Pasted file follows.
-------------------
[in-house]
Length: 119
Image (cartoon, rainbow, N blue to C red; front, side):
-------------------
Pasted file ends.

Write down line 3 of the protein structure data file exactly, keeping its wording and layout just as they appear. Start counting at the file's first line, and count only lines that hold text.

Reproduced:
Image (cartoon, rainbow, N blue to C red; front, side):